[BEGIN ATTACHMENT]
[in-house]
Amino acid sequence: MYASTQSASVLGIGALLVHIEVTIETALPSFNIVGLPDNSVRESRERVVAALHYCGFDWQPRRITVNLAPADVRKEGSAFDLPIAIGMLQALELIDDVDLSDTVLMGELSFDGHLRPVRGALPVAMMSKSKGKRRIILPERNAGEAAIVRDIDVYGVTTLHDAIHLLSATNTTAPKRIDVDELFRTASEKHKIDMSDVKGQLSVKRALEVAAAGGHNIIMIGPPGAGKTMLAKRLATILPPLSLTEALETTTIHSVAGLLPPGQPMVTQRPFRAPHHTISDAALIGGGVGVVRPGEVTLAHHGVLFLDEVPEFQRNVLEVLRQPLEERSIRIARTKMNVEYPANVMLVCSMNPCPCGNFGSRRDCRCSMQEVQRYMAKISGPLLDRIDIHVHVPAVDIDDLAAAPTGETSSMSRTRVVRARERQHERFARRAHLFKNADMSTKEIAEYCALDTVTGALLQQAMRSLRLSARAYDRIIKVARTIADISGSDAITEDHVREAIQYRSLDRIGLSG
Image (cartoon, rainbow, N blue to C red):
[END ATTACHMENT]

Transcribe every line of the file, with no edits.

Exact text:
[in-house]
Amino acid sequence: MYASTQSASVLGIGALLVHIEVTIETALPSFNIVGLPDNSVRESRERVVAALHYCGFDWQPRRITVNLAPADVRKEGSAFDLPIAIGMLQALELIDDVDLSDTVLMGELSFDGHLRPVRGALPVAMMSKSKGKRRIILPERNAGEAAIVRDIDVYGVTTLHDAIHLLSATNTTAPKRIDVDELFRTASEKHKIDMSDVKGQLSVKRALEVAAAGGHNIIMIGPPGAGKTMLAKRLATILPPLSLTEALETTTIHSVAGLLPPGQPMVTQRPFRAPHHTISDAALIGGGVGVVRPGEVTLAHHGVLFLDEVPEFQRNVLEVLRQPLEERSIRIARTKMNVEYPANVMLVCSMNPCPCGNFGSRRDCRCSMQEVQRYMAKISGPLLDRIDIHVHVPAVDIDDLAAAPTGETSSMSRTRVVRARERQHERFARRAHLFKNADMSTKEIAEYCALDTVTGALLQQAMRSLRLSARAYDRIIKVARTIADISGSDAITEDHVREAIQYRSLDRIGLSG
Image (cartoon, rainbow, N blue to C red):